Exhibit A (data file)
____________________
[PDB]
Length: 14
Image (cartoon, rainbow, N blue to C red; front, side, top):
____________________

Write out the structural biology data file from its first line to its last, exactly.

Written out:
[PDB]
Length: 14
Image (cartoon, rainbow, N blue to C red; front, side, top):